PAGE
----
mutation within the viral genome.
An aim for many virologists and pharmacologists is to
develop a drug which can effectively act on a range viruses. Broad spectrum
antivirals are available however due to the highly variable nature of viruses,
drugs are usually specific to one virus or virus subset which share a unique drug
target. There are two main types of anti-viral drugs: direct acting anti-virals
(DAAs) (which bind to specific viral proteins) and host acting (which target
cellular processes within the host cell). The first anti-viral drug developed
and approved by the FDA was idoxuridine in June 1963 and was used to treat herpes
simplex keratitis(De Clercq and Li, 2016).
Idoxuridine (5-iodo-2?-deoxyuridine) is an analogue of thymidine and is
incorporated into viral DNA after phosphorylation by cellular kinases into its
active 5′ – triphosphate form. Due to the halogen side group, when the
activated 5-iodo-2′-deoxyuridine is incorporated into DNA, it stops the binding
of base pairs and inhibits viral polymerase action. This disrupts the
replication of Herpes simplex DNA and therefore its ability to replicate. Since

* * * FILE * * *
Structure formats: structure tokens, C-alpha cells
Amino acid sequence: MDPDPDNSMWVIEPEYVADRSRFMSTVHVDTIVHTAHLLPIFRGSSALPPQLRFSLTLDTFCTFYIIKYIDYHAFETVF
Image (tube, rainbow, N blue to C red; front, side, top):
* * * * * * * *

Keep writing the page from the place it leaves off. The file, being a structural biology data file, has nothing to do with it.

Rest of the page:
this finding other effective anti-viral compounds have been developed.
An observational study into of the time taken for an
antiviral drug to be approved in the UK found that between 1981 and 2014 it
took an average of 77.2 months from the start of clinical development to approval (Ward et al., 2015). This study did not
consider the time taken for the drug target to be established or preclinical
screenings, suggesting the actual time to approval is lengthier. The evolution
of high throughput screening methods for preclinical trials has allowed the
screening of potential active chemicals on a target to be more efficient.
Thousands of compounds can be screened per day and compounds which are active
on the target can then advance for further testing. Effectiveness and safety in
a clinical setting during clinical trials however, remains the rate-limiting
step from lead compound to FDA approval as an anti-viral treatment. Due to the